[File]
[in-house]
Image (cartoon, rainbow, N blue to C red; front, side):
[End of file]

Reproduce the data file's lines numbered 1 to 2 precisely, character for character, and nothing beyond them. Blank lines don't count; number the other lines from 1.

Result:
[in-house]
Image (cartoon, rainbow, N blue to C red; front, side):